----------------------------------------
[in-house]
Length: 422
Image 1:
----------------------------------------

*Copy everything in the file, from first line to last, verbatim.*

[in-house]
Length: 422
Image 1: